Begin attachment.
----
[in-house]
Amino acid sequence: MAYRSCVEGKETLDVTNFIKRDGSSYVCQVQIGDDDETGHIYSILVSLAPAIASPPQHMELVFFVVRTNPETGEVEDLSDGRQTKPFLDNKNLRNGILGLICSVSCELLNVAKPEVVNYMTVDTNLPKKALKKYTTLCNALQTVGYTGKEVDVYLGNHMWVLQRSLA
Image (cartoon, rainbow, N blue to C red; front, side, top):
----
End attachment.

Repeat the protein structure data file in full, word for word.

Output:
[in-house]
Amino acid sequence: MAYRSCVEGKETLDVTNFIKRDGSSYVCQVQIGDDDETGHIYSILVSLAPAIASPPQHMELVFFVVRTNPETGEVEDLSDGRQTKPFLDNKNLRNGILGLICSVSCELLNVAKPEVVNYMTVDTNLPKKALKKYTTLCNALQTVGYTGKEVDVYLGNHMWVLQRSLA
Image (cartoon, rainbow, N blue to C red; front, side, top):